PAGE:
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Iraq, as Iraq’s Leader Requested It Won’t Discuss Withdrawing Troops From

The State Department on Friday rebuffed the Iraqi government’s request to begin discussions on pulling out troops, saying that any American officials going to Baghdad during a state of heightened tensions would not discuss a “troop withdrawal,” as the Iraqi prime minister had requested. Instead, discussions would be about the “appropriate force posture in the Middle East.”

The statement from Washington was a direct rebuttal to Prime Minister Adel Abdul Mahdi of Iraq, and was certain to add to the friction between the two nations.

The prime minister said earlier on Friday that he had asked Secretary of State Mike Pompeo to send a delegation from the United States to discuss steps for the withdrawal of the approximately 5,200 American troops from his country, in the aftermath of a deadly American military strike ordered by President Trump that many Iraqis say violated their country’s sovereignty.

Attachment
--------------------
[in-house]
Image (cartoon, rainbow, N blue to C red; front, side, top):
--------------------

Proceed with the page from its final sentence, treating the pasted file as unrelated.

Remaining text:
“We are happy to continue the conversation with the Iraqis about what the right structure is,” Mr. Pompeo said at a news conference after the State Department had made its announcement. He stressed that the mission of the United States in Iraq was to train Iraqi forces to fight the Islamic State, and “we’re going to continue that mission.”

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